I state "Last night as I was thinking about this case, I was walking around my home and I reached for a piece of fruit. I went to pick up an orange and dropped it from about table height. It hit the ground, I picked it up, and put back in the bowl, got myself an apple and had a snack." By this time I have already placed an orange on the plaintiff's table where the jury can see it for themselves. I pick it up and state; "It got me to thinking. . . Some people are like oranges. They are strong, thick-skinned, and resilient. When they fall, get impacted or bounced around, nothing much happens to them." I then bounce the orange on the bar of the jury box and watch as it bounces back in my hand like a tennis ball. I then state; "The law recognizes that not all people are like oranges. Some are more fragile."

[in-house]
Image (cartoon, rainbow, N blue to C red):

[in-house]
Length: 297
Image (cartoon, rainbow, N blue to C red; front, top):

I then extract an egg from my suit pocket. I say, "Some people are like eggs. Indeed, the law has a term for a person who may be more susceptible to injury; they call them an "eggshell plaintiff." I show them the CACI instruction on point and go on to say; "These people do not have the luxury of resilience. They do not bounce back as easily for whatever reason. It is not their fault, God, or circumstance, made them that way. " I then take the egg and drop it from the same height as the orange, right next to it, on the bar of the jury box and watch as the jury looks to see if it is going to splatter all over them! (I use a hard-boiled egg.) With an audible crunching noise it has no rebound and lands, in contrast to the resilient orange, conspicuously still. I go on to state; "When these people have trauma, even trauma that would not affect most people, they get damaged. They crack like this egg. No, they are not destroyed. If you looked at them from a distance they appear intact, like this egg. But when you see them up close, and you examine them, as we have done in this case, you see that they are forever changed, harmed in a real and significant way. They are more vulnerable to injury and their damages are real, as real as the damages to this egg." I even go on to say, "My client, Ms. X, is not an orange, she was not blessed to be born with that resilience, she is an egg under the law and the law that you swore to uphold requires that you compensate her for the harm caused to her, not the harm that an orange would suffer under similar circumstances." I then outline the ways that the plaintiff has been harmed and what she needs to help her heal. At the end, I leave the two food items right at the end of the counsel table closest to the jury as a dare for defense counsel to address them. It keeps the image fresh in the jury's mind. It works. Visuals are important.